1. What are the key decisions?
    1. How can we improve tools to benefit the user experience?
    2. How can software tools and computational advances be used to improve, enhance and extend the content of the GO; either directly or as aids to curation? How can tools be used to enhance annotation?
    3. Is the model underpinning the GO and its annotations sufficiently expressive and unambiguous to allow for effective communication of knowledge and meaningful comparisons and transfer of knowledge across genomes? Can the model be improved to better meet the needs of the consortium and the users?
    How are decisions made?
    For any decision we explore
    • What investment is required by the Software group to research, investigate, develop, test and/or deploy these?
    • What is the expected return?
    • What will the impact of deploying these be on the members of the GO consortium, the wider community (both biologist and computational users), either directly or indirectly through knock-on effects with other technology?
    After this analysis, we decide as follows:
    • For decisions in which investments are minimal and the impact is largely invisible the group will make decisions autonomously.
    • For larger investments, the PIs and possibly other appropriate consortium members will be consulted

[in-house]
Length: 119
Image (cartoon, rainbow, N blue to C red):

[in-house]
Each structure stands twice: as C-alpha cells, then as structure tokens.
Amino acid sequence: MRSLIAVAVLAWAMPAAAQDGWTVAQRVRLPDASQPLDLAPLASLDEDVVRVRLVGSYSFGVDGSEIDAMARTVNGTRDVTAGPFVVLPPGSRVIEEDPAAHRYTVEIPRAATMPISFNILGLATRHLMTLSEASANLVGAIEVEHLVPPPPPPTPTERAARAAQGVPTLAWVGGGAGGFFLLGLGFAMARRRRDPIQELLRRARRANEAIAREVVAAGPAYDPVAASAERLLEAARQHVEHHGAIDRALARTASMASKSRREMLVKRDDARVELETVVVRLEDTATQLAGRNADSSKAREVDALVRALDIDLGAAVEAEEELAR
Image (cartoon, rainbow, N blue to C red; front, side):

• For any non-minimal visible impact changes, whether positive, neutral or mixed, both PIs and appropriate groups will be consulted. The wider community may be consulted, via the approproate group (eg outreach or software working group)
    • Any long term strategic decisions are made in consultation with PIs and the consortium
    • For the purpose of decision making, the production database team at Stanford will be considered part of the software group and internal group consultations can be assumed
    In addition, we discuss bigger decisions on one of the various mail lists (go-database, gmod-ontol-sw-devel or other) and listen to feedback from non GOC developers
    What is the flow of choices?
    Decision points are identified as far in advance as possible and written up and discussed on the wiki and/or mail list and/or tracker. Individual software developers can exercise discretion and make small decisions autonomously or after consultation with appropriate software group members.
    Prototypes, mock-ups, demos or tests are written to demonstrate the impact of decisions and feasibility; this is vital in some cases to enhance communication between the software developers and biologists
    The decision is discussed and analysed as above, and the Software group lead makes the decision, deferring to PIs as appropriate

Software and Utilities group main page